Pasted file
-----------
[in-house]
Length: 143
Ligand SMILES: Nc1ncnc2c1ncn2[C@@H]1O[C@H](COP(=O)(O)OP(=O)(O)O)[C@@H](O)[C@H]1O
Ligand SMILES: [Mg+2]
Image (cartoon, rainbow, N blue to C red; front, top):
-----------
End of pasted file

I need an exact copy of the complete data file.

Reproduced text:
[in-house]
Length: 143
Ligand SMILES: Nc1ncnc2c1ncn2[C@@H]1O[C@H](COP(=O)(O)OP(=O)(O)O)[C@@H](O)[C@H]1O
Ligand SMILES: [Mg+2]
Image (cartoon, rainbow, N blue to C red; front, top):